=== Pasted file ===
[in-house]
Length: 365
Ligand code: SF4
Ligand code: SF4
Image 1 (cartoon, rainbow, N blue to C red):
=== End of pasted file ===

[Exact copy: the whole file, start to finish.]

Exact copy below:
[in-house]
Length: 365
Ligand code: SF4
Ligand code: SF4
Image 1 (cartoon, rainbow, N blue to C red):